But here in the United States, we often describe sex in terms of pizza. As in “even when it’s bad, it’s still good.” An idea so unabashedly American that I demand it replace The New Colossus and apple pie as our national creed.
Sex Criminals is about the hilarious gulf between these two ideas. The story revolves around two Americans who have discovered that when they climax, they stop time. When they become lovers, this effect multiplies, which naturally leads to them committing crimes. And of course, fighting other superpowered perverts. The book is sidesplittingly funny, lampooning the fetish nature of costumed superheroes and our cultural views towards superpowers. But mostly, the book is a look at how American culture views sex (or rather, doesn’t.) Fraction and Zdarsky free sex up to be the beautiful, ridiculous, power, immature act that it can be. And why Americans don’t feel comfortable admitting this. For a dirty book, it’s amazingly funny, deep, and sex-positive.
25) Werewolves of Montpellier by Jason
I read Werewolves of Montpellier as part of a month-long free daily comics giveaway Comixology was running, and I was blown out of the water. I’ve come to realize since that you could award this best of the decade ranking to virtually any Fantagraphics graphic novel by Jason and lose little by way of quality, but it was the werewolves who bit me first.
Wes Anderson comparisons are easy, which is a vote of confidence for Jason’s way with laconic humor and the delightfully absurd. Werewolves of Montpellier follows a thief pretending to dress up like a werewolf who ultimately discovers real werewolves in Europe. It’s slight, simple, and delicious.
24) Multiversity by Grant Morrison and a billion collaborators
John Galati: There’s a theory in social evolution which says that some inventions may be inevitable. Fire, moving type, cloth textiles, the dumpling. These things so perfectly address a human need that for us to exist, they must exist. And I’m not joking when I say that for comics, Multiversity is such a thing.
Here, Morrison finally settles DC’s love-hate relationship with their own multiverse by solidifying it to 52* worlds, as picked and populated for maximum relevance to the main continuity. In other words, it works because there are always Superpeople, Dark Avengers, Lanterns, etc at play. This brilliant strategy doesn’t just clean up the mess of infinite worlds, but actually adds coherence to the books. Something Morrison proves by making each issue showcase a different world, with the middle chapters being able to be read out of order and still work.
Then there’s the actual narrative of the book: The Gentry, a group of cosmic parasites, are attacking every Earth in the multiverse and our only hope is a group of heroes plucked from each reality. It’s something of a standard comic book setup, but I believe that’s exactly what it had to be. If Multiversity is to be a correction, commentary, and guidebook for the multiverse going forward, then it should be a “standard comic book.” That framework and convention become critical commentary and instruction.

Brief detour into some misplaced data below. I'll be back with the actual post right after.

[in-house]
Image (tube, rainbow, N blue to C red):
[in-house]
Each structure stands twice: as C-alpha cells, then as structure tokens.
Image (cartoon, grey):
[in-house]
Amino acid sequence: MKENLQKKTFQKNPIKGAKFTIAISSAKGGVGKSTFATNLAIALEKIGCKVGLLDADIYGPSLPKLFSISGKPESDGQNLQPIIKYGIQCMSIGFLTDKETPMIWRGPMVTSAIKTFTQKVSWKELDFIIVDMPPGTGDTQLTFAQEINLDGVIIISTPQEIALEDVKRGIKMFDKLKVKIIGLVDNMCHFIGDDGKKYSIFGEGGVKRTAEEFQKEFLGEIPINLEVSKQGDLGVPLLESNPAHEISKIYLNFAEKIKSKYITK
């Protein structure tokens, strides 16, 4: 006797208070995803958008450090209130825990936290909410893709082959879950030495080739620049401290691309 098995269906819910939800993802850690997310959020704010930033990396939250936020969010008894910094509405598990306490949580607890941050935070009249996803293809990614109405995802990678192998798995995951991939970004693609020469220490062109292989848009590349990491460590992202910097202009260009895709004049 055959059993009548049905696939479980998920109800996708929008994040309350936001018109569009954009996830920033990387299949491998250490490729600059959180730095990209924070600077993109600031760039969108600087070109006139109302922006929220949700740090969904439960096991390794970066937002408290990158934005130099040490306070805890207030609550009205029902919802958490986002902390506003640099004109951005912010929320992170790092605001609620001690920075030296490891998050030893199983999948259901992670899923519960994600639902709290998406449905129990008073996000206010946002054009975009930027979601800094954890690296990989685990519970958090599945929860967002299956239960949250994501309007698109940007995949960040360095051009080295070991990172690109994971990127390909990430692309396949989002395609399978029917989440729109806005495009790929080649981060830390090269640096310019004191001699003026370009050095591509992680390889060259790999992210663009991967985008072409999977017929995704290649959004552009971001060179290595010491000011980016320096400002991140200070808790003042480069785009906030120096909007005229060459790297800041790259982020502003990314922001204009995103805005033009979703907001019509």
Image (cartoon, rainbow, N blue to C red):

The book is an enormous achievement in a career full of achievements.
23) The Black Monday Murders by Jonathan Hickman and Tomm Coker
John Galati: Every once in a while, a comic author will dig deep into our global unconscious and pull out the perfect nightmare. To me, Black Monday Murders was that book this decade.
After the global financial crisis, we were all terrified of just how powerful the markets were and the worse realization that no one understood them. Hickman takes that modern fear and wraps it around an ancient dead of black magic and human sacrifice. A feat that’s achieved by his signature use of research, reinforcing the wild fiction of the book with just enough fact to make the audience shiver. It’s that resonance of truth that I find the most exciting in his work, particularly when it’s delivered so confidently and directly through plotting, graphs, and notes.
That said, I think Tomm Coker might just steal the show. Coker’s artwork feels like a maturation of Hickman’s own illustration style. Hickman’s brilliant first book, The Nightly News, made heavy use of lightboxing, a smart technique for a first book but one that can leave it feeling, well, like a first book. Coker takes that book as an influence, but updates the style, adding in cinematography and his own artistic flair.
And then there’s the color. The coloring in this book is next level in terms of subtly and information transmission. Carefully picked schemes that are neither flat nor shaded have every page feeling like a slick fashion shoot that was lit by George Romero. A terrible, glossy marketing brochure for the end of the world.
22) Transformers: More Than Meets The Eye by James Roberts, Nick Roche, Alex Milne
I can’t overstate how surprised I am to include any Transformers comics anywhere on my best of the decade list. It’s not even a knock on the property so much as my own lack of engagement with the franchise for my entire life. I think the closest I came to Transformers fandom prior to this series was fascination with those cool 90’s CGI animations, or a generally ambivalent experience watching Shia own the stage in the first film of the series.